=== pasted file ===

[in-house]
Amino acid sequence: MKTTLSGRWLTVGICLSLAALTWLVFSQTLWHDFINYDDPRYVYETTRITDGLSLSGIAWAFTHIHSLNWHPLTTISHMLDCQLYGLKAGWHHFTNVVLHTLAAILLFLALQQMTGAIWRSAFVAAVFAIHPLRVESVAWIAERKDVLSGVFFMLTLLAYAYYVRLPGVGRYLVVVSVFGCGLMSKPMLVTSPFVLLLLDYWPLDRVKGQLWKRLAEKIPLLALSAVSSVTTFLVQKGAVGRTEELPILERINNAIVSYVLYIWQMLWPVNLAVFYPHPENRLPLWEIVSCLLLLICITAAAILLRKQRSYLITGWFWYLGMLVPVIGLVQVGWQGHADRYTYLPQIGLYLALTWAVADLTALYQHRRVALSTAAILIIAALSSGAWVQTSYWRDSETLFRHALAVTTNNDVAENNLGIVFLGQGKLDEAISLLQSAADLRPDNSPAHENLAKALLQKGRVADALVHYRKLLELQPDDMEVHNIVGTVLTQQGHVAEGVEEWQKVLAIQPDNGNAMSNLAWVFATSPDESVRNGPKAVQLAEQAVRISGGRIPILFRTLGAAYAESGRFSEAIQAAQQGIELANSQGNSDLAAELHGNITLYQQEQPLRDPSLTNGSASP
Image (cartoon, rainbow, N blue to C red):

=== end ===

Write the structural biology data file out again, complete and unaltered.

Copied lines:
[in-house]
Amino acid sequence: MKTTLSGRWLTVGICLSLAALTWLVFSQTLWHDFINYDDPRYVYETTRITDGLSLSGIAWAFTHIHSLNWHPLTTISHMLDCQLYGLKAGWHHFTNVVLHTLAAILLFLALQQMTGAIWRSAFVAAVFAIHPLRVESVAWIAERKDVLSGVFFMLTLLAYAYYVRLPGVGRYLVVVSVFGCGLMSKPMLVTSPFVLLLLDYWPLDRVKGQLWKRLAEKIPLLALSAVSSVTTFLVQKGAVGRTEELPILERINNAIVSYVLYIWQMLWPVNLAVFYPHPENRLPLWEIVSCLLLLICITAAAILLRKQRSYLITGWFWYLGMLVPVIGLVQVGWQGHADRYTYLPQIGLYLALTWAVADLTALYQHRRVALSTAAILIIAALSSGAWVQTSYWRDSETLFRHALAVTTNNDVAENNLGIVFLGQGKLDEAISLLQSAADLRPDNSPAHENLAKALLQKGRVADALVHYRKLLELQPDDMEVHNIVGTVLTQQGHVAEGVEEWQKVLAIQPDNGNAMSNLAWVFATSPDESVRNGPKAVQLAEQAVRISGGRIPILFRTLGAAYAESGRFSEAIQAAQQGIELANSQGNSDLAAELHGNITLYQQEQPLRDPSLTNGSASP
Image (cartoon, rainbow, N blue to C red):